A Year's Journey through France and Part of Spain, Volume II (of 2) eBook

Philip Thicknesse
This eBook from the Gutenberg Project consists of approximately 108 pages of information about A Year's Journey through France and Part of Spain, Volume II (of 2).
Jocko a bow; they could not laugh at his bad seat, for not one of them rode with more ease; or had a handsomer laced jacket.  Mr. Buffon says, the Monkey or Maggot, (and mine is the latter, for he has no tail) make their grimace or chattering equally to shew their anger or to make known their appetite.  With all due deference to this great naturalist, I must beg leave to say, that his observation is not quite just; there is as much difference between the grimace of my Jocko, when he is angry or hungry, and when he grins to shew delight, as there is in a man, when he gnashes his teeth in wrath, or laughs from mirth.

Between Avignon and this town I met a dancing bear, mounted by a Maggot:  as it was upon the high road, I desired leave to present Jocko to his grandfather, for so he appeared both in age and size; the interview, though they were both males, was very affecting; never did a father receive a long-lost child with more seeming affection than the old gentleman did my Jocko; he embraced him with every degree of tenderness imaginable, while the young gentleman (like other young gentlemen of the present age) betrayed a perfect indifference.  In my conscience I believe it, there was some consanguinity between them, or the reception would have proved more mutual.  Between you and me, I fear, were I to return to England, I might find myself a sad party in such an interview.  It is a sad reflection; but perhaps Providence may wisely ordain such things, in order as men grow older, to wean them from the objects of their worldly affections, that they may resign more readily to the decree of fate.  That good man, Dr. ARBUTHNOT, did not seem to dread the approach of death on his own account, so much as from the grievous affliction HE had reason to fear it would bring upon his children and family.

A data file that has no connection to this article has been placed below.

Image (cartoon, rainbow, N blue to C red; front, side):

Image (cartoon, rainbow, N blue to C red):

LETTER XLI.

LYONS,

The Harangue of the Emperor CLAUDIUS, in the SENATE. Copied from the original Bronze plate in the Hotel de Ville, of Lyons.

FIRST TABLE.

MOERERUM .  NOSTR :::::  SII :::::::::  Equidem . primam . omnium . illam . cogitationem . hominum . quam . maxime . primam . occursuram . mihi . provideo . deprecor . ne . quasi . novam . istam . rem . introduci . exhorrescatis . sed . illa . potius . cogitetis . quam . multa . in . hac . civitate . novata . sint . et . quidem . statim . ab . origine . vrbis . nostrae . in . quod . formas . statusque . res .  P . nostra . diducta . sit.

Quandam . reges . hanc . tenuere . vrbem . nec tamen . domesticis . successoribus . eam . tradere . contigit . supervenere . alieni . et . quidam . externi . vt .  Numa .  Romulo . successerit . ex.  Sabinis . veniens . vicinus . quidem . se . tunc.

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A Year's Journey through France and Part of Spain, Volume II (of 2) from Project Gutenberg. Public domain.
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